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Michael Jordan calls Grizzlies owner’s $1 million 1-on-1 charity challenge ‘comical’

Dan Devine
Ball Don't Lie

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Just two pals, sharin' a laugh. (Jonathan Daniel/Getty Images)

Bad news, you guys: I guess we won't be finding out whether Memphis Grizzlies owner Robert Pera can beat Michael Jordan in a game of one-on-one after all.

(We pause here to allow the entire world to take a moment to process the attendant grief.)

I know, I know — it's heartbreaking to think that this one-on-one matchup between the 50-year-old Charlotte Bobcats owner/greatest basketball player and the 35-year-old Grizzlies owner/tech billionaire won't be coming to pass, especially since we've spent literally every waking second since three days ago thinking about it. But M.J.'s apparently just not feeling it, reports Rick Bonnell of the Charlotte Observer:

Hours removed from the owner of the Memphis Grizzlies challenging Michael Jordan to a charity one-on-one game, MJ had a response:

"Comical."

[...] If new Grizzlies owner Robert Pera wants to play one-on-one for $1 million to charity (as he said on Twitter), Jordan won’t be his opponent.

"I think that’s comical," Jordan said. "It didn’t make any sense. Why would I play one one-on-one? It’s a no-win situation for me no matter what."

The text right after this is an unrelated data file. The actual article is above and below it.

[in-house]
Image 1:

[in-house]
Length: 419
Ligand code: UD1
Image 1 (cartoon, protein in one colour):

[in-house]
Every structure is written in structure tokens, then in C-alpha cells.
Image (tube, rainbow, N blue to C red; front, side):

You can understand the thinking. If Jordan skunks Pera in no time flat, but still doesn't look like the guy we recall from the days of his Chicago Bulls greatness (or even his Washington Wizards quite-goodness), it might take a bit of the shine off the way people remember him; given the way we remember Jordan, I think that's unlikely, but anything's possible, I suppose. That obviously goes double for the prospect of Jordan not wiping out the Grizzlies' owner; again, this strikes me as highly improbable, but not necessarily impossible. (Again: 50 years old.)

I can see just one hole in Jordan's logic — if he won, Pera would donate $1 million to any charity Jordan selected, which seems like a nice win, doesn't it? I suppose technically that'd be a win for people who aren't Michael Jordan, though, keeping his "no-win situation for me" claim intact ... unless, of course, you value the prospective good will that might come from taking a few minutes out of your schedule to have a few laughs, school a Silicon Valley dude and give a sizable boost to an organization that might be able to use it.

That draw doesn't appear particularly compelling to Jordan, though, and that's his prerogative — one would suspect it's not all that hard for him to find a number of other ways of contributing lots of money to charitable ventures besides playing one-on-one, and if he responded to every challenge from everyone who wanted to see if they could give him a run, he probably wouldn't have time to do anything else in his life. (Like preside over the least successful franchise in the NBA.) As easy as it is for us sports fans to believe we know best how to spend owners' money, it's just as easy to do the same with their time; maybe it's worth giving Jordan the benefit of the doubt when it comes to how he chooses to spend his.

For what it's worth, Pera seemed to take the dismissal in stride:

So it all ends, it seems, with a reminder that this was a discussion about the idle musings of two obscenely rich guys. "Comical," indeed. (Just like most other "who'd win a game of one-on-one?" stories.)

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Dan Devine is an editor for Ball Don't Lie on Yahoo Sports. Have a tip? Email him at devine@yahoo-inc.com or follow him on Twitter!

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